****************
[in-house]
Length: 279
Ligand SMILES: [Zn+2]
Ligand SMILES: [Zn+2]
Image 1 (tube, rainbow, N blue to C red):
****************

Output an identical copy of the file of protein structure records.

[in-house]
Length: 279
Ligand SMILES: [Zn+2]
Ligand SMILES: [Zn+2]
Image 1 (tube, rainbow, N blue to C red):